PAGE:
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How to obtain your car title after loan payoff

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Once you’ve made the final payment on an auto loan, you’ll need to get the title from your lender in order to prove that you legally own the car. This title is also a critical document if you end up selling your car down the line. However, the process of obtaining a car title varies by state.

What is a car title lien?

An auto lien is a note showing that your vehicle is legally owned by another party, in many cases your auto loan lender. In a lot of ways, a lien on your car is similar to a property lien on your home. With a lien in place, the lender has rights to the home (or your car) until you satisfy your loan in its entirety by paying off every dollar you borrowed, plus taxes and fees.

Once your loan is fully paid, the lien on your car title is lifted, and the title can be released to you. At this point, the legal ownership of the car transfers to you from your lender.

How to get your title after paying off your car loan

Once you pay off your auto loan, the lien holder who serviced your loan is required to notify your state’s Department of Monitor Vehicles, or DMV. They can do so electronically or by submitting specific state-required paperwork, but either way, they will let your auto loan servicer know that you no longer carry a balance on your loan.

“After you’ve paid off your auto loan, you’ll have a ‘free and clear’ vehicle title, meaning you now fully own your car,” says Julie Shinn, vice president of lender management at RateGenius. “Anytime there are ownership changes, you have to update the title.”

Does the process differ by state?

The process involved in getting the title to your paid-off car varies dramatically by state, with some states taking care of it entirely and others requiring you to do some grunt work.

According to Shinn, in states that require you to do some filing to get your title, your financial institution will send you a lien release and formal documentation that the loan is paid in full. From there, you’ll take those documents to your state DMV to get an updated title solely in your name.

In other states, once the motor vehicles department is notified, they will automatically mail you the title to your car with nothing required on your part.

To learn the process in your state, visit your state’s motor vehicles website.

How long will it take to get my title after loan payoff?

Shinn says that in states where you have to file paperwork to get a new car title in your name, you can expect to receive your new title anywhere from two to six weeks after submitting the paperwork, but every state’s processing times are different.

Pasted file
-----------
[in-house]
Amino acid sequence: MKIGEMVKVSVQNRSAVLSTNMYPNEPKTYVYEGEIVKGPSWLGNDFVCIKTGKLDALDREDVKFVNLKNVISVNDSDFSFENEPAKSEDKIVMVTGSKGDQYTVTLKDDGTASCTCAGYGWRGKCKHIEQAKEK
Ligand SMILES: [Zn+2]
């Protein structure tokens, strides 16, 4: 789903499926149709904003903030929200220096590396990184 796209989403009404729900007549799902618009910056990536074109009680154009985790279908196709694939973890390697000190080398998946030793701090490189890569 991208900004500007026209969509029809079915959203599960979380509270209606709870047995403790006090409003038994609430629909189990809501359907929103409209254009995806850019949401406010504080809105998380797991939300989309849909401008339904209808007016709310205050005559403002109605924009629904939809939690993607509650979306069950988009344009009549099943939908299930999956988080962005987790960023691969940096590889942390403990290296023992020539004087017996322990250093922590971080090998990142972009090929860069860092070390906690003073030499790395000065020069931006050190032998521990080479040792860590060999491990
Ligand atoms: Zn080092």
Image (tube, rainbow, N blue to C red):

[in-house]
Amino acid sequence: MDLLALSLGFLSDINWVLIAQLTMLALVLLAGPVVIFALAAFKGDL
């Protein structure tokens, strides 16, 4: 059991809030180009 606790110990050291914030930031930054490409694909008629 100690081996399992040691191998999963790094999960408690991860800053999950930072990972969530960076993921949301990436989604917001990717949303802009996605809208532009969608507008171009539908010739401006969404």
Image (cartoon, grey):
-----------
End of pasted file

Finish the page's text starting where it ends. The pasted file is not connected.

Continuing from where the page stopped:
Nishank Khanna, a CFO at Clarify Capital, says that states with DMVs that mail out auto titles automatically may take less time, usually around 15 to 30 days. However, processing and mail time can drag things out, so be sure to follow up with a call if you feel like it’s been too long and you should have had your car title by now.

Final considerations about liens

While it’s normal to have a lien on your vehicle, there are some key details to remember. For example, a lien on your vehicle may prevent you from selling it, or at least make the sale significantly harder, says Brian DeChesare of Mergers and Inquisitions.

This is based on the fact that you will have to pay off the car loan and gain access to the title before you can sell your car and transfer the title to someone else. You may not have the funds to pay off your car before the sale, and if you happen to owe more than your car is actually worth, you’ll have to eat the difference.

DeChesare also says that the opposite is true as well: You cannot receive the title for a car when you’re buying from someone with a lien until they pay off the car. This makes buying a car from someone with an auto lien a tricky ordeal. However, some DMV websites have a lien search feature where you can find out who has the title for the vehicle.

As a result of these challenges, many drivers just trade in cars with a lien to their dealership when they upgrade. When you trade in your car at a dealership, you’ll be offered a trade-in value for your car that is hopefully more than you owe. The dealership will take care of transferring the title to its name so it can sell your car to someone else, taking you entirely out of the equation.

The bottom line

If you’re looking to get your car title after paying off your auto loan, you may need to do nothing more than sit back and wait. However, in some states, a trip to the DMV may be in your future.

Either way, you should be proud that you paid off your auto loan and you own your car free and clear. You may be tempted to run out and upgrade to a new vehicle, but it’s smart to think about it and let your savings accrue for a few months first. You may find that not having a car payment can help you save more for retirement or other goals and that driving an older, paid-off car is well worth it.

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Written by
Holly D. Johnson
Author, Award-Winning Writer
Holly Johnson writes expert content on personal finance, credit cards, loyalty and insurance topics. In addition to writing for Bankrate and, Johnson does ongoing work for clients that include CNN, Forbes Advisor, LendingTree, Time Magazine and more.
Edited by
Student loans editor